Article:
Others have more ambitious goals. “There’s actually loads of really great innovations happening that could transform [shipping emissions],” says Lucy Gilliam, shipping campaigner at non-profit Transport and Environment. “It’s not that we don’t have great ideas. The problem that we have is that fossil fuels are still too damn cheap. And we don’t have the rules to force people to take up the new technology.
We need caps on emissions and polluter pays schemes so that the clean technologies can outcompete fossil fuels.” Doggett agrees that far more policy and government action is needed to help reduce shipping emissions, and part of Sail Cargo’s remit is pushing for this. At the same time, she says, the private sector can demonstrate what is possible.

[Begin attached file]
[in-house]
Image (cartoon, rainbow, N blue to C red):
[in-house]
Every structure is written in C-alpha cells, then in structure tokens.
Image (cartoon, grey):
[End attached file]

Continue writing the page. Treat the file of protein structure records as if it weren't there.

“I feel like the largest barrier to success is proving that [clean shipping] is valuable,” she says. “I’m really hoping that if we can set a precedent with a for-profit company that can claim the world’s largest and completely emission free [cargo ship], then we can wave these numbers like a flag and say, look, people who are writing the policy, we already did it today. Because it’s not impossible. And I don’t understand, frankly, why it hasn’t moved faster.”
Lynx Guimond, Sail Cargo’s co-founder and technical director, works to install Ceiba’s first stern half frame (Credit: Jocelyn Timperley)
Ceiba is small for a cargo ship – tiny in fact. She will carry around nine standard shipping containers. The largest conventional container ships today carry more than 20,000 containers.
She is also relatively slow. Large container ships typically travel at between 16 and 22 knots (18-25 mph/30-41 kph), according to Gilliam. Ceiba is expected to be able to reach 16 knots at her fastest, says Doggett, and easily attain 12 knots, although the team has conservatively estimated an average of 4 knots for trips until they can test her on the water.